Though time constraints have keep me out of the climbing gym for the last two years, I still follow the sport of climbing closely (in fact, one of the most popular articles on this website is about climber Alex Honnold). With my son now just a hair over two years old, and very interested in climbing all over the apartment, it might be time to return to the gym. Albeit as a spotter more than a climber.
Check out my page of climbing resources here.
I’ll admit it, I’ve got some hometown pride associated with the success of Ashima Shiraishi. She’s a New York kid, she climbs regularly at my gym, and she rules. In fact, just this week I saw Ashima crushing it at Brooklyn Boulders. She’s gotten so much taller in the last year, and her climbing continues to impress. I wonder, how much more can so do? How much better will she get? Its going to be very interesting to see how this generation of kid climbing phenoms develops.
Ran a little, biked a little, climbed a little. Enjoyed myself for the first time in months. Sore as hell from my return to climbing and body weight training — which is nice. Looking forward to doing a little more of each in the coming week. I’m a sucker for the feeling of a sore muscle. Its the feeling of getting somewhere.
||8.5 in 1:20:10
||18 in 1:32:49
|Strength and Flexibility:
|Total Exercise Time:
Speaking of skinny dudes, check out this amazing video of Adam Ondra* climbing two different V16 routes:
For those keeping track at home, Ondra is 5′ 11″, weighs a whooping 128 pounds and is all of twenty years old. As is obvious from this video, he is among the best climbers in the world. What he is does shares about as much similarity with what I do as playoff baseball shares with a summer softball league.* These routes are all but impossible for mere mortals. Look at the holds on the second problem, Gioia, they’re like razor blades.
Insane, but inspiring.
To see someone as good as Ondra struggle and fight to send a problem shows us that no matter how good you get, it never gets easy. I’ll keep that, and Ondra’s tenacity, in mind when I’m working the v3s this weekend.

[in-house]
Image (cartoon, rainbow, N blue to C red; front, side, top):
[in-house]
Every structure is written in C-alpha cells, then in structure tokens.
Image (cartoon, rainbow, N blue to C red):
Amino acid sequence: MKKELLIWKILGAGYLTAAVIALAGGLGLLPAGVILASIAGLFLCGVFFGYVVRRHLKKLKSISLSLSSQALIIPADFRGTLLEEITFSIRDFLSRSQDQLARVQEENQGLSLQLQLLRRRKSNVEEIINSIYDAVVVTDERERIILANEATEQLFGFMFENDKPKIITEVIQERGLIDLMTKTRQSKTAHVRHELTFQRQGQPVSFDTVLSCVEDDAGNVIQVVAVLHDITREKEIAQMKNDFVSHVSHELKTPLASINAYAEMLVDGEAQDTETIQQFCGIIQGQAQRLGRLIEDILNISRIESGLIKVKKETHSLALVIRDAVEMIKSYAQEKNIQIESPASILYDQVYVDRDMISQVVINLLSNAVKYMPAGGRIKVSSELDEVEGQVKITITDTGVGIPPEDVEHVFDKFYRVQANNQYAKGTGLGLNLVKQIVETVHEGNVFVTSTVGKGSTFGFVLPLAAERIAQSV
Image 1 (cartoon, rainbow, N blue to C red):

Yesterday, I ran. But only three miles. No real pain and no need to rush things. After that, I spent about forty five minutes on push-ups, pull-ups, handstands, stretches and balance drills. it was low key, and it was fun.
Last night was exactly the kind of thing I’m interested in right now. Long term, I’m not sure where my exercise is going, but all the things I’m interested in (i.e. running, cycling, rock climbing, mountaineering, etc.) reward the thin. I’m never going to be Dave Graham, or Ryan Hall, but I could always stand to lose a couple of pounds.
Dave Graham, 5′ 9″; 137ish; crushing some problem
Ryan Hall; 5’10”; 130ish, killing it at the USA marathon trials
Me; 6′; 175ish pushing a kid in a giant plastic tube
Currently, I’m weighing in at 175, which is about where I’ve been for the past year. I’d like to see what it feels like to be about ten pounds lighter. So while I am on this find myself reexamination of my working out life, I’m going to actually watch what I eat for the first time, half-heartedly track calories, and see if I can slim down a little. I’m not going to go on a diet, but I am going to try and be smarter about what I put in my mouth — cut down on the carbs and beer, and re-up on the greens and water. I’ll update my weight in the weekly training totals going forward because I know there is absolutely nothing you care more about than how much I weigh. Lets see what kind of results I can produce.
I’ve resigned myself to never being very good at rock climbing. I’m too old, too fat, and have too little time to devote to the sport to ever climb at a high level. But that’s ok, I still love it.
With my schedule, I’m lucky if I can get to the climbing gym once a week (and I almost never climb outside). When I do get to the gym, I can climb the v2s with ease, and occasionally struggle up a V3 if its power route. Technique and finger strength are still my weaknesses. I’m relatively strong and can power my way through an overhang problem, but if it is a crimpy thing with no feet? I’m fucked. Finger strength and technique come from time on the wall, and that is something I just cannot commit to. Too many interests; not enough time.